Ken Mackintosh

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For the Scottish Labour MSP, see Ken Macintosh.
For New Zealand rugby league coach, see Ken McIntosh.

Ken Mackintosh ((1919-08-04)4 August 1919 – 22 November 2005(2005-11-22) (aged 86)[1] was an English saxophonist, composer and bandleader. Mackintosh was born in Liversedge, Yorkshire, and died in Mitcham, Surrey, England.[1]

Mackintosh was one of Britain's most distinguished bandleaders of the 20th century, accompanying singers such as Tom Jones, Shirley Bassey and Matt Monro. He was born in Halifax Road, near Knowler Hill, in 1919 and devoted his life to music, after buying his first alto saxophone, at the age of 15. After a period in the Army he went to London and joined various big bands such as the Oscar Rabin Band. He then formed his own orchestra and toured extensively at home and abroad. The orchestra was featured on BBC Radio, almost every week, in the 1950s and early 1960s.

When travelling to a one-night stand in the West Country, Ken stopped to give a lift to an RAF serviceman hitch-hiking back to his base near Gloucester. The topic of conversation turned to the young man’s appreciation of various entertainments put on by the authorities and how much he had enjoyed the visits of Joe Loss, Johnny Dankworth and Ted Heath. There was one band which he could not stand, however, and that was Ken Mackintosh who he thought was “lousy”. Before the aircraftsman departed at the gates, Ken handed over his card - whereupon the car was vacated rather rapidly!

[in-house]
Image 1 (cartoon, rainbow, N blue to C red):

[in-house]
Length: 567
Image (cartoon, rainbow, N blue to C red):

He also wrote his own music such as "The Creep". He had three entries in the UK Singles Chart between 1954 and 1960, with "The Creep" being his highest placed hit record, reaching #10 in January 1954.[2] Among his fans was the Queen Mother, for whom he played twice at Windsor Castle. Towards the end of his life he was awarded Freedom of the City of London. He died in November 2005.


  1. ^ a b Willey, Brian (2005-12-01). "Ken Mackintosh, Swinging big band-leader". Obituary. The Independent. Retrieved 2009-04-07. 
  2. ^ Roberts, David (2006). British Hit Singles & Albums (19th ed.). London: Guinness World Records Limited. p. 340. ISBN 1-904994-10-5.